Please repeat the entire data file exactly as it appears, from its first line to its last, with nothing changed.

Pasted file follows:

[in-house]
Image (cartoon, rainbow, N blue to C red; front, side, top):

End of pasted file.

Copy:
[in-house]
Image (cartoon, rainbow, N blue to C red; front, side, top):